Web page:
Like the PAT board, the Latching Relay Driver has been introduced as an introductory SMD assembly project. It is a little more complex and compact than the PAT board, but nevertheless it is well within the capabilities of first time SMD users.
The Latching relay Driver converts polarised latching relays (which are not tremendously useful to amateurs) into failsafe (or PTT) drive types – which are much more useful! The PCB has been sized to fit to the side of the small SMA types, which makes installation very easy.
The circuit will operate on voltages up to 28v – so it will cope with those rarely found 12v ones, and the much more common 28v relays. The output devices are 120V Vc-e 4A transistors, so it will happily drive the larger N type latching change over and transfer relays, as well as the small SMA ones. This circuit is not intended to drive 50v relays – the two pulse forming capacitors (C4 and C5) are not rated for this voltage, and could fail.
Latching relays come in two types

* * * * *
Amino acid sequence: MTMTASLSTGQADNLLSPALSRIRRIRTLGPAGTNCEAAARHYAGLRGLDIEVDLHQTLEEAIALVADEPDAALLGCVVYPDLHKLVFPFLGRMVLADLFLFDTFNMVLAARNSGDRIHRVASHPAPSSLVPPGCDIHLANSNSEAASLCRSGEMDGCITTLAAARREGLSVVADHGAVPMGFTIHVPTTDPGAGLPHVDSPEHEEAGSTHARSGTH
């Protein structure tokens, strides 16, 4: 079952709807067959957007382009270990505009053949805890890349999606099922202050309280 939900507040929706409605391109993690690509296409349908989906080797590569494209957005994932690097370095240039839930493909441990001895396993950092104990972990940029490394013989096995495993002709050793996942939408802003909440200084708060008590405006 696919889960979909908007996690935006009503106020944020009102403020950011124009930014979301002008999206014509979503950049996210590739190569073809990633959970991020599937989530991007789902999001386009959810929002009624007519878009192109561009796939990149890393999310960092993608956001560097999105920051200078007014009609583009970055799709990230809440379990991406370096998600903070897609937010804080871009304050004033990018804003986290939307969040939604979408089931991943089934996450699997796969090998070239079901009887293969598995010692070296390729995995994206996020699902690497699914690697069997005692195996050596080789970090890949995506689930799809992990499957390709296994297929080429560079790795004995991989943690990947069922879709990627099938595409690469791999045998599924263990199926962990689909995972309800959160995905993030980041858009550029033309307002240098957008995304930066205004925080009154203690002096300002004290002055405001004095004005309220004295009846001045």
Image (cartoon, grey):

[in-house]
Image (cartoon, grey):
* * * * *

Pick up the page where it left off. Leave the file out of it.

– ‘low side common’, in which each coil must be driven from a positive source, with the cold ends commoned to 0V;
– and ‘high side common’, where the hot end of each coil is commoned together to the supply rail, and the switching voltage is applied to the cold ends of the coils.
To cope with these two types the Latching Relay Driver PCB has 8 solder jumper links, arranged in a group of 4 links associated with each output device. These are labelled on the PCB as links 1 to 8. Links 1 to 4 are associated with the ‘top’ device, while 5 to 8 configure the ‘lower’ device.
For low side common relays, then links 1 and 3 of the top set, and links 6 and 8 of the bottom set must be bridged with a blob of solder – as shown in the picture of the SMA relay above. The common side of the relay connects to Ground (0V).
For high side common relay types, then links 2 and 4 of the top set, and links 5 and 7 of the lower set must be bridged. The common side of the relay connects to Vcc.
This does not need to be the same Vcc as supplied to the PCB – ie the circuit could be run off 12v and the relay off 28v if convenient. In most cases, it is likely to be the same voltage. Here is a printable LRD Configuration document for the LR Driver board.
Note that back-emf protection diodes are required on both coils – these are not provided on the PCB.